Three-way light switch circuits are used when you need to control a room light from two different locations. A four-way switch circuit is required when you need to control a light from three or more locations, such as the first landing, the second landing and the third landing of a stairway in a three-story house. Converting from a three-way to a four-way light system is simply a matter of inserting one or more four-way switches between two three-way switches. The hardest part of this project is running the new wire.
Locating the Four-way Switches
Turn off the branch circuit breaker on the service panel supplying power to the light switch circuit on which you will be working. Check the circuit with a noncontact voltage tester to make sure the circuit is safe to work on. Locate and mark the spots where the new four-way switches are to be installed. Use a stud finder to make sure you will not be drilling or cutting into a wall stud.
Mounting the Switches
Mark the locations of the new four-way switches so the top of the boxes will be 47 inches above the finished floor line. You can use the front of the “old work” or “remodeling” boxes as a template to outline the cutouts for the boxes, then remove the cutouts with a portable jigsaw. Now comes the challenging part: running the new wire. Forget about trying to use the old wire, because if it was installed before the walls were finished, it is stapled to the wall studs.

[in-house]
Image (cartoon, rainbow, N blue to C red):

Running the Wire
Running new wire through finished walls and ceilings can be challenging even for the pros because you never know what kind of obstacles you will encounter. The easiest way to run new wire in a room with finished walls is remove the baseboards and run it in a channel cut behind the baseboard, laying it in notches you cut in the wall studs. That way, all you have to do is fish the wire up to and down from the switch boxes. When installing new wire in this manner, make sure you install steel nailing plates over the notches to protect the wire from damage by nails or screws.
Connecting the Switches
Four-way switches are inserted in the traveler wires between the two three-way switches. A four-way switch has two sets of brass-colored terminal screws and a dark-green-colored terminal screw. The traveler wires from the first three-way switch connects to one set of brass-colored terminal screws, and the traveler wires going to the second three-way switch connects to the other set of brass-colored terminal screws. The dark-green screws with the hex heads are for the system ground wires, which usually are bare copper wires in nonmetallic sheathed cable.
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